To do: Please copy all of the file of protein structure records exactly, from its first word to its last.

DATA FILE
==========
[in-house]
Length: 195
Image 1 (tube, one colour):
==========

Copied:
[in-house]
Length: 195
Image 1 (tube, one colour):